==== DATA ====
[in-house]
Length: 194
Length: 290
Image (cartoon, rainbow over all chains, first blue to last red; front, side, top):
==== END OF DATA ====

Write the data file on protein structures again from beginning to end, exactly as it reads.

[in-house]
Length: 194
Length: 290
Image (cartoon, rainbow over all chains, first blue to last red; front, side, top):